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Home Selling in San Francisco : Real Estate Advice

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Activity 157
Tue Nov 30, 2010
Jed Lane answered:
They would have to be subscribing to a service that feeds out the tax records. The tax records are a public document and there are a number of services that offer access for a fee. The data is usually a little old. You can't find out who boight and is moving in any faster than if you walked down the street and intorduced yourself.
The City & County hasn't moved into the 20th century yet and probably won't till we can get enough taxes in the kitty to pay for the access.
There is a "work in progress" at the CCSF Index of Records site but . . .
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Mon May 11, 2009
Jed Lane answered:
If the trust is "court approved" meaning that a court has to review the sale price then the buyer pays the transfer tax. In other types of trust sales, whether IAEA or trustee it is negotable. In all other sales in San Francisco it is customary for the seller to pay the transfer tax.
Your agent should know this.
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Tue May 5, 2009
Natasha Lovas answered:
It takes courage to post all of your financial details and I commend you for showing that courage. I don't think you will be in a position to buy a home right away, but over time that will change.

Based on your income, you would qualify. As to your credit, that will be a challenge that probably cannot be overcome at this time. The Mayor's Office doesn't care if you've had a bankruptcy, but a lender will. The most lenient lender right now is FHA, and you need to be out of bankruptcy for at least 1 full year before you can get an FHA loan. Out of bankruptcy means that your debts have been paid in full, i.e., you are no longer paying the $330 per month.

Keep making timely payments on your VISA and apply for 2 more credit cards over the next year or so (you need 3 lines of credit established for at least 2 years), and make regular payments on them.

Once you establish a track record of being able to handle your credit in a responble way, you will be on your way to buying your first home! Good luck in your endeavor!
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Sat Aug 15, 2009
Jed Lane answered:
Many questions come to mind to be able to give you the correct answer. Most important would be are the units legal? If the city has signed off on the creation of the rental units it can be more difficult to convert back to a SFH. Is the building vacant? What is the zoning? What's the condition of the units and what are the rents? If it isn't vacant, are there tenants with protected status?
After we determine the status of all that then I'd do market analysis on which product type would generate the most activity.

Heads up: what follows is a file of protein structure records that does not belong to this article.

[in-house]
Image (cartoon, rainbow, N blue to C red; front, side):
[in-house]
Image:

If it's vacant and zoned as a multifamily you might consider selling it as a TIC. Also in some cases we could offer it in multiple ways and let the eventual buyer decide what they want to do.
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0 votes 6 answers Share Flag
Sun May 3, 2009
Jason Chapin answered:
I would be happy to meet with you regarding your sale. I do think it's very strange that other Realtors don't call you back. Even if there were something particularly difficult or preventative I would hope that people would at least articulate that to you.

I'm available for consultation. Feel free to call or email.

Good luck!

Jason Chapin
McGuire Urban Bay
415-420-1143
jchapin@mcguire.com
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0 votes 9 answers Share Flag
Wed Apr 22, 2009
James Testa answered:
Hi Linetta,

I am happy to help you! I have a client who is looking for a home in the Excelsior and this may be a great match. Please feel free to contact me at your earliest convenience.

Warm regards,

James Testa, MBA

Paragon Real Estate Group
415.515.6097
jtesta@paragon-re.com
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0 votes 10 answers Share Flag
Thu Jul 16, 2009
Jeff Woo answered:
Its difficult to give you any concrete advice with the information you've provided, but most TIC agreements provide a remedy for breaches. Often, they require you to file a petition for Arbitration and may require mediation before that.

All TIC agreements waive the right of partition, or forced sale, for at least for defined period of time, if not permenantly. As such, a forced sale may not be a remedy you can pursue. You may be stuck with a law suit seeking diminution of value for the lost value of not completing the condo conversion.

If by "forced sale", you are referring to a potential foreclosure of the group loan, there will be no deficiency. Foreclosure would result in the lost of the entire property without a right of the lender to seek a deficiency.

On your last sentence, if you mean that you will somehow pay off the underlying debt to save the property, I suggest that you enter into an agreement with the defauling TIC partner to have a security interest in his TIC interest.

The only way to get clear advice is to have an attorney review the actual TIC agreement.

Jeff Woo, Esq.
415-627-3607
jeff.woo@mypropertyrights.com
Follow Me On Twitter @jefferywoo
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0 votes 3 answers Share Flag
Thu Dec 29, 2016
David Tapper answered:
I think the Realtor was just marketing themselves. In a nut shell,There are two different probates, one is with court confirmation, (which means it needs to go before a judge, and can also be over bid at the court house). The buyer cannot have any contingencies.
The other way is without court confirmation and no over bid.
Probates are like most sales except that there are no seller disclosures, and it's always sold AS-IS.

If you need more info, I would be happy to send it to you.

Regards,

Dave Tap Tapper